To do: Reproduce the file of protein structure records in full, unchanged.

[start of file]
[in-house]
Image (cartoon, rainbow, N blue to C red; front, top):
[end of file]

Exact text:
[in-house]
Image (cartoon, rainbow, N blue to C red; front, top):